1. Greek Negotiations Not Getting Anywhere
EU finance ministers and private credit holders continue to be at odds in regards to the debt restructuring negotiations.
From Bloomberg: Euro governments sought to fill a deeper-than-expected hole in Greece's finances by saddling investors with a lower interest rate on exchanged bonds, setting up a confrontation in the runup to a Jan. 30 European Union summit.
Finance chiefs refused to increase an offer of 130 billion euros in public funds for a second Greek program. Instead, they rebuffed investors' bid for an average 4 percent interest rate on new Greek bonds, seeking coupons below 3.5 percent for debt to be serviced until 2020 and below 4 percent over the 30 years of the next Greek package.
The extra cost to bondholders would be 10 billion euros or 20 billion euros - a sum too small to jeopardize a deal, said Carsten Brzeski, an economist at ING Group in Brussels.
From Fox Business: Dallara said that the level of the interest rate coupon and various legal issues remain hurdles to an agreement, which he said covers EUR200 billion in privately held debt. Asked whether his group would accept a coupon below 4%, as the IMF and Germany are understood to be demanding, Dallara declined comment.
2. Portugal May Need 2nd Bailout
Concerns that Portugal may need to ask for further aid, following the model of Greece, has increaesd risk aversion for EUR crosses.
From Wall Street Journal: Investors, economists and politicians are increasingly convinced Portugal will need a second bailout amid fears it won't be able to return to markets for financing next year.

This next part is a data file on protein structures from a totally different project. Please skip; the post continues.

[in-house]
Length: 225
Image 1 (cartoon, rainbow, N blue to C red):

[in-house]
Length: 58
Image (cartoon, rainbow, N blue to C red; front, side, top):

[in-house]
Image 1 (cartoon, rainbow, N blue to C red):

While the Portuguese government's finances are taken care of for this year as long as it abides by its bailout agreement, Portugal must regain full access to capital markets next year to help repay EUR9 billion in debt falling due in September 2013.
And as in the case of Greece, the IMF may demand a fresh package if it becomes clear the country won't be able to return to market in a year's time. Given the current yields being demanded by investors on Portugal's bonds, economists fear that may become the case.
The program assumption that the government can begin issuing longer-termed bonds again in 2013 also looks problematic, the Institute of International Finance, which represents the private creditors in their talks with the Greek government, said in a report on Portugal.
3. Economic Data from Europe Surprises on Upside
Data on the manufacturing and services sectors was better than expected, showing that Euro-zone growth is not deteriorating to start the 1st quarter, but is instead stabilizing at lower levels. That is a positive as it means that the steps taken by the ECB seems to have stopped a slide in confidence which has created conditions for the composite PMI to expand.
From Markit: The Markit Eurozone PMI® Composite Output Index moved into positive territory for the first time in five months in January, according to the preliminary 'flash' reading which is based on around 85% of usual monthly replies. The index rose for the third month running, up from 48.3 in December to a five-month high of 50.4. That signalled a marginal increase in private sector economic activity.
Output rose at a robust pace in Germany, which saw the largest increase for seven months, and a modest expansion (the first growth for four months) was also reported in France. In contrast, output continued to fall across the rest of the region as a whole, dropping for the eighth successive month. However, the rate of contraction was the weakest for four months.
This gives hope that even if GDP turns negative in the 4th quarter, than the there is a chance that the 1st quarter shows low but positive growth.